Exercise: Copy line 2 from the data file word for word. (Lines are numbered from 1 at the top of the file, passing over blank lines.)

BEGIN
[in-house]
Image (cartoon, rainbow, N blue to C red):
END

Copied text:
Image (cartoon, rainbow, N blue to C red):